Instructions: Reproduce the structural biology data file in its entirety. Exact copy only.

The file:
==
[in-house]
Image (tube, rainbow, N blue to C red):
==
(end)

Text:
[in-house]
Image (tube, rainbow, N blue to C red):